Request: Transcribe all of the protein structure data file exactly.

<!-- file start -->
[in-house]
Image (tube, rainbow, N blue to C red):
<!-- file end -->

[in-house]
Image (tube, rainbow, N blue to C red):